Loadout: Loading Out Never Felt So Goofy, and Good

Yes, let it be known now: Loadout draws heavy inspiration from Team Fortress. But despite the game’s wacky style and mechanics, it and Valve’s shooter are quite different in their delivery. Though comparing it to the masterpiece that is TF2 is unfair: after all, this is a game that looks to stand on its own, and stand quite tall and proud.

From Edge of Reality, Loadout is a third-person shooter that emphasizes customization. Right from the get-go, it’s obvious that this is a game that wants players to get creative with who they play. Therefore, customization is deep and varied, with a store to further purchase new items and a weaponcrafting system to synthesize wicked, death-dealing armaments. When all of this comes together, Loadout feels like something truly unique. But before getting into the gritty details of how players can truly make their experience one of a kind, it’s important to look at the title’s core gameplay, which appears to be its primary selling point.


Though not ground-breaking in its fundamental design, Loadout is a shooter that plays a lot like others of its kind, but with a distinct, frenetic and often frantic feel to it. When joining a game, players will choose their desired character setup that they can pre-arrange prior to each match, and jump into the team-slaying goodness without much need to consult a tutorial or controls; right away, the game feels familiar enough to pick up and enjoy from the start, no stipulations involved. Players are given two weapons to bring into battle — which they will need, to shoot a lot of people in order to reign victorious — and that’s about the extent of the so-called rules. Matches are basic as well, with a variety of modes, none of which require much else other than blowing up anything that moves. There are conquest modes and the like, but ultimately this is a game focused on killing your opponent, rather than beating him through a series of captured points.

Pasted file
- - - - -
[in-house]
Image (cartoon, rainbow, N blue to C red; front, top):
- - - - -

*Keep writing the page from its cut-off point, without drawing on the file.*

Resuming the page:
In actuality, that’s where Loadoat excels: its focus is solely on providing an experience that is accessible, mindless fun. While there are plenty of customization options, the gameplay is quite intuitive. This design philosophy is even personified in the control setup, which is easy to grasp and devoid of fluff or complicated key strokes. Most of the time players will only need to be well acquainted with their jump button and fire button; everything else is secondary. So make no mistake that this is something of an arena shooter that quickly becomes a bunny-hopping fest of epic, Unreal Tournament-like proportions. What adds to this run and gun style is the fact that the game is silky smooth in its performance.


Despite being a pretty darn good looking game with an equally great, cartoonish aesthetic, it moves well. In our time playing, we rarely encountered lag on the end of game performance (mostly server issues, but even those were few and far between), and the game never slowed down or chugged, even during chaotic firefights with seven or eight people running around, exploding everything in sight. This is all the more impressive because there’s been so much TLC put into the game’s visuals. Characters animate with a real sense of fluidity, and death animations are hilariously lively with players hopping around after getting a leg shot clean off and eventually bleeding out in the most melodramatic of ways. This is just a small segment of the much larger personality that Loadout possesses.

But what about that customization mentioned earlier? Well, it would be clear to any player that Loadoat wants to give folks a sense of belongingness in its wild world. To do this, they give individuals a host of options to choose from in order to create a character that is differentiated from the rest. Practically every part of a character can be dressed up and decorated, and the number of outfits and accessories to equip is impressive. To earn these items, however, players must gain levels by playing matches and just generally owning fools. It’s an incentive-based system that certainly looks to reward players for putting in hours with plenty of outfitting choices and the chance to carve out one’s own distinct sense of identity. Do note, however, that there will be microtransactions and a cash-shop of sorts, but we’ve been assured by the developers that the game will not be pay-to-win.


Loadout is a title that combines elements from games like Borderlands, Team Fortress 2 and Monday Night Combat. In doing this, it seeks to accomplish the feat of being a free-to-play shooter that doesn’t take itself too seriously, but rather gives players plenty of customization options and an experience that can be picked up and enjoyed right away. From the graphics to the gameplay mechanics, this is a title that understands what it is, and that a game does not need to be mind-blowingly complex to be fun. In that, Loadout remembers that moments of chaos and enjoyment can be ascertained through simple gameplay and a goofy, attractive art style. Sometimes less is more, and that proverb surely seems to fit Loadoat’s premise: less complexities, more entrainment; plain and simple, ladies and gentleman. Be on the lookout for Edge of Reality’s F2P shooter when it launches on Steam later this year.